Although aid flights finally began to arrive in Burma over the weekend, a full week after the disaster, the delays in flights and visas for relief workers and the confiscation of emergency supplies have multiplied the misery for millions. The junta followed up its inaction with two remarkable actions – the first to hold a rigged constitutional referendum while the country was still in the initial stages of digging itself out of the disaster and to dragoon its citizens into a yes vote by intimidation, and second, according to The Observer, continue to export rice to Bangladesh and Sri Lanka even as it tried to curb the influx of international donations.
According to relief organizations, Burma will need as much as 500,000 tonnes of rice and perhaps as much as 2 million tonnes to meet subsistence levels for most of its population in the wake of Cyclone Nargis, which wiped out 65 percent of the rice-growing capability of the Irrawaddy Delta. The country had expected to export 600,000 tonnes in 2008. According to several estimates, Burma, once the biggest rice-exporting nation in Asia, will be forced to import to make up shortages for years to come.
Satellite imagery showed that a 16-meter storm surge pushed salt water 40km inland in the delta. According to the International Rice Research Institute in the Philippines, it can take up to a year to leach out the salt, depending on the kind of soil, the amount of rainfall and whether farmers plant salt-resistant varieties of rice. The storm, unimpeded because protective mangrove forests had been destroyed for prawn farming and additional rice paddies, destroyed everything in its path, as well as drowning as many as 100,000 people.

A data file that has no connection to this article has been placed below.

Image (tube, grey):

Nonetheless, according to The Observer, sacks of rice destined for Bangladesh were being loaded on to a ship at the Thilawa container port at the mouth of the Rangoon River at the end of last week, even though the rice-bowl region had been literally destroyed by the deadly storm. The paper quoted the regime as saying it planned to meet all of its contractual commitments.
Other than pure callousness on the part of an isolated dictatorship that removed itself from Rangoon and installed itself in Naypyidaw, part of the refusal to allow foreign help appears to stem from a very real fear that, given the massive uprising of hundreds of thousands of people last September and October over trebled fuel prices, allowing in Westerners for aid would threaten the generals’ grip on power. Anger over the crackdown, in which at least 31 people were shot according to United Nations estimates, remains very high.
The crackdown was greeted with universal condemnation, particularly from the United States. Not surprisingly, the junta is unlikely to believe the arrival of help from the West is going to be without strings. Aid is coming in from the Chinese as well as India and Thailand – much of it re-labeled as coming from the junta itself. The US, while offering a relatively small amount of money in aid, also said it had three warships in the region that could be redeployed – hardly something that would have filled the junta with confidence.
By contrast, China, a country riven by fault zones, appears to be learning to cope with its disasters. Over the past decade, such calamities as flooding on the Yangtze River and other tragedies have brought officials from the very top of the government to the disaster areas to direct operations, as Wen Jiabao turned up for the current quake. The government earmarked 200 million yuan (US$28.6 million) for disaster relief, almost immediately increasing that amount to 860 million yuan, 700 million yuan of it for Sichuan, according to state-owned media. It is a marked contrast to a 1976 earthquake in Tangshan that killed more than 240,000 people. At that time, China, as Burma has today, refused help, partly because it was unwilling to allow an influx of foreign workers.